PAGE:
Updated: Apr 22
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*Penis Envy Cubensis from Champignons Magique
In recent years there has been a surge of interest in psychedelic drugs as a treatment for many psychological conditions, with the majority of this interest directed at naturally occurring psychedelic fungi. The linguistic origin of the word psychedelic is rooted in the latin words "psyche" meaning mind or spirit, and "Delos" meaning manifesting. The dictionary definition of the verb manifest is "to become clear or apparent" which is congruent with many anecdotal reports and the results of scientifically controlled studies that have shown psychedelics to reliably induce profound, meaningful experiences and deep personal insight. These studies also showed that these substances offer significant effectiveness in treating numerous psychological conditions, including but not limited to depression, anxiety, ptsd, OCD, addictions, and eating disorders.
This laundry list of benefits has garnered the interest of many individuals and institutions across the world, and is now beginning to seep into the corporate world, a world that may have colluded with government (through heavy lobbying) to make psychedelics illegal in the first place, and a world in which systemic issues exist around the pursuit of profit vs. the best interests of consumers and patients.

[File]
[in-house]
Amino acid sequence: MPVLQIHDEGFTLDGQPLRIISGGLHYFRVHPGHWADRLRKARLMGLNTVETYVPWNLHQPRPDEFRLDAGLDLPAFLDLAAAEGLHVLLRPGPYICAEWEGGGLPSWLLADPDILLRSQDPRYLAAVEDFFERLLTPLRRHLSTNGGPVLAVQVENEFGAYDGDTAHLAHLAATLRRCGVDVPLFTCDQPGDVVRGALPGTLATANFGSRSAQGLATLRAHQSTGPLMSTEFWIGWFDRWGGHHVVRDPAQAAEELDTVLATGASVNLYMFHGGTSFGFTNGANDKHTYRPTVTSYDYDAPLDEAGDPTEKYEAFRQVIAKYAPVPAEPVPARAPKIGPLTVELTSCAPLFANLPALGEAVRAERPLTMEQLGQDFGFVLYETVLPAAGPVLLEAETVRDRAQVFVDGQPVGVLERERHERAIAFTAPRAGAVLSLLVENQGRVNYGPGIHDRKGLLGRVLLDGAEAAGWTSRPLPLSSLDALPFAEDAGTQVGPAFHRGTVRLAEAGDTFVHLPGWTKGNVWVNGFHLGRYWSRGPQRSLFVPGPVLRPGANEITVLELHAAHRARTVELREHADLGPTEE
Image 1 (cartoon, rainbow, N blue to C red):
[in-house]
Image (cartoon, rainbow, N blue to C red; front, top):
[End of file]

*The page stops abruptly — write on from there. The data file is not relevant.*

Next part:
*Research into psychedelics is primarily focused on Psilocybin mushrooms, LSD, and MDMA
There are now 19 companies tagged as ‘psychedelic’ on Linkedin, and 4 corporations (Yield Growth Corp, Field Trip Ventures, Mind Med Inc, and Compass Pathways) in the space that are publicly traded (like Yield Growth) or are set to IPO in 2020 (like Compass Pathways - under their parent company ATAI life sciences). The mission statements of these companies are varied, ranging from the research, development, and production of psychotropic alkaloids and synthetic analogs of these compounds, to the operation of wellness centres offering psychedelic assisted therapy.
Yield Growth Corporation is a Canadian cannabis company (BOSS/TSX) which recently acquired a majority stake in a subsidiary company called Flourish mushrooms. Flourish currently offers a variety of medicinal mushroom infused products, primarily teas and coffees infused with cordyceps, reishi, lions mane, and turkey tail mushrooms. They plan to expand into psilocybin products in the future and are in the process of building a laboratory to research and produce psilocybin (specifically psilocybe semilanceata) mushrooms in St Vincent and the Grenadines (a small group of islands in the carribean)